“Still, the beginning phases of this — my most recent project — was rough due to my lack of expertise with new techniques and simply because the project didn’t work,” Mummadisetti said. “I went back during my general exam hoping to get something out of it, and that’s when [Dr. Bricker and I] found out the cross-linking had worked and that I had enough data to start writing a paper.”

Tell us about your work

A graduate student in his lab, Manjula Mummadisetti, led this latest study that examined the cellular system responsible for creating oxygen during photosynthesis called Photosystem II. She analyzed two proteins that are critical to creating oxygen and modeled how they connect and interact, building upon previous information and her latest research. Their paper, titled “Use of protein cross-linking and radiolytic footprinting to elucidate PsbP and PsbQ interactions within higher plant Photosystem II” will be published this week online in the Proceedings of the National Academy of Sciences.

“This discovery means a lot for photosynthesis research. People have wanted to know about this for a very long time. We didn’t have these techniques and scientists were unable to find how these proteins connect,” Mummadisetti said of her first published scientific research paper.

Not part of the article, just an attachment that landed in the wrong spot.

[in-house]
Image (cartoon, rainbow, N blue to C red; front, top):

One principle in biochemistry is that a protein’s structure determines its function. By creating a 3D model of these two critical plant proteins, Mummadisetti advances our knowledge about their structure, which can lead to a better understanding of how these proteins function. In her experiments, she used spinach from a grocery store because of its abundance. She isolated chloroplasts, the food factory of plants, and treated them with a chemical detergent to extract a high concentration of Photosystem II, the system within a plant that creates oxygen. She then used high-resolution mass spectrometry to see where the two proteins overlap and connect.

Bricker compares this process to putting a puzzle together where you can’t see or touch the pieces.

“We looked at thousands of puzzle parts and a relatively small number of these were useful for identifying what’s going on,” he said.

Then, based on their analyses, Bricker and Mummadisetti built a 3D computer model of the two Photosystem II proteins, which are called PsbP and PsbQ.

“Frankly, this is the very first paper that shows a direct association between PsbP and PsbQ,” Bricker said. “Because of Manju’s work, we now know how PsbP and PsbQ interact and we can draw some very good working hypotheses on how these proteins act together.”